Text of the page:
National Coq au Vin Day
While several websites say that National Coq au Vin Day is March 22, several others say it is May 29. We’ve sided with the latter group, but, hey, if you want to celebrate it on both dates, whose going to stop you? This dish is good enough that it deserves to have two holidays a year.
Coq au Vin is a French chicken dish cooked in wine, and is thought to be a dish created by French peasants. Recipes for Coq au Vin weren’t documented until the early 20th century, but it’s likely it was cooked and served long before that. The word “coq” means rooster in French, and “vin” means wine, so the recipe was originally for a rooster cooked in wine. Peasant farms typically had a single rooster and several hens to lay eggs and provide meat. When the rooster eventually got too old to perform his manly duties, he was replaced by a younger one, and probably was killed to use in a stew. Because of his advanced age, his meat was likely stringy and tough enough that wine was required for braising to make the meat tender and tasty. Today, a rooster is not required to make Coq au Vin. It’s typically made with a capon or chicken.
Here is Ina Garton’s recipe for Coq au Vin from the Food Network’s website.
Ina Garton’s Coq au Vin
2 tablespoons good olive oil
4 ounces good bacon or pancetta, diced
1 (3 to 4-pound) chicken, cut in 8ths
Kosher salt and freshly ground black pepper
1/2 pound carrots, cut diagonally in 1-inch pieces
1 yellow onion, sliced
1 teaspoon chopped garlic
1/4 cup Cognac or good brandy
1/2 bottle (375 ml) good dry red wine such as Burgundy
1 cup good chicken stock, preferably homemade
10 fresh thyme sprigs
2 tablespoons unsalted butter, at room temperature, divided
1 1/2 tablespoons all-purpose flour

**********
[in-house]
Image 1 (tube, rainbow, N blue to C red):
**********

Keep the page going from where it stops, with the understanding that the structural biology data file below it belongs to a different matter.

1/2 pound frozen small whole onions
1/2 pound cremini mushrooms, stems removed and thickly sliced
Preheat the oven to 250 degrees F.
Heat the olive oil in a large Dutch oven. Add the bacon and cook over medium heat for 8 to 10 minutes, until lightly browned. Remove the bacon to a plate with a slotted spoon.
Meanwhile, lay the chicken out on paper towels and pat dry. Liberally sprinkle the chicken on both sides with salt and pepper. Brown the chicken pieces in batches in the Dutch oven in a single layer for about 5 minutes, turning to brown evenly. Remove the chicken to the plate with the bacon and continue to brown until all the chicken is done. Set aside.
Add the carrots, onions, 2 teaspoons salt, and 1 teaspoon pepper to the pan and cook over medium heat for 10 to 12 minutes, stirring occasionally, until the onions are lightly browned. Add the garlic and cook for 1 more minute. Add the Cognac and put the bacon, chicken, and any juices that collected on the plate into the pot. Add the wine, chicken stock, and thyme and bring to a simmer. Cover the pot with a tight fitting lid and place in the oven for 30 to 40 minutes, until the chicken is just not pink. Remove from the oven and place on top of the stove.
Mash 1 tablespoon of butter and the flour together and stir into the stew. Add the frozen onions. In a medium saute pan, add the remaining 1 tablespoon of butter and cook the mushrooms over medium-low heat for 5 to 10 minutes, until browned. Add to the stew. Bring the stew to a simmer and cook for another 10 minutes. Season to taste. Serve hot.
Read more at: http://www.foodnetwork.com/recipes/coq-au-vin-recipe4/index.html?oc=link...
Photo from smittenkitchen.com